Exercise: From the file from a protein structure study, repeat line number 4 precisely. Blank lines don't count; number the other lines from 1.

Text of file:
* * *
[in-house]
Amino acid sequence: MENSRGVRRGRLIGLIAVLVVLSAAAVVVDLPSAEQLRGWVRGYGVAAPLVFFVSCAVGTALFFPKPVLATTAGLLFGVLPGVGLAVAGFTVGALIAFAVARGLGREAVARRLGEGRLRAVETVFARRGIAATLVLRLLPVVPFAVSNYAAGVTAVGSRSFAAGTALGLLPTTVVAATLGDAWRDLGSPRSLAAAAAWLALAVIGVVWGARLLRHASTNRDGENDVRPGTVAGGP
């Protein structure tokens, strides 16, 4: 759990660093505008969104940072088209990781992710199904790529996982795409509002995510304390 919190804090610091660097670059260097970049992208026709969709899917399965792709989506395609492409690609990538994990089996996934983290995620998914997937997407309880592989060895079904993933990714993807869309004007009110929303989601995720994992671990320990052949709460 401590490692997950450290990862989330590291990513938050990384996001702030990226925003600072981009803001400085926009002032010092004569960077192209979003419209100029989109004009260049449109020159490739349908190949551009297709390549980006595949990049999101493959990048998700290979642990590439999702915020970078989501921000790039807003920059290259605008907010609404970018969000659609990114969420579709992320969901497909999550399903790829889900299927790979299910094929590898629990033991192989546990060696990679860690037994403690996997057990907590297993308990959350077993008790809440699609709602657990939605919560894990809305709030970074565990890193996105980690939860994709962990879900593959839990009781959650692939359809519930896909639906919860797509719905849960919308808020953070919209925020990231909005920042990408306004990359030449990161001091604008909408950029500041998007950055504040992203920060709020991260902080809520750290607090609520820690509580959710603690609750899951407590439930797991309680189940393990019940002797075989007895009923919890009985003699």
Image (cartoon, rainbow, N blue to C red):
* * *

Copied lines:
Image (cartoon, rainbow, N blue to C red):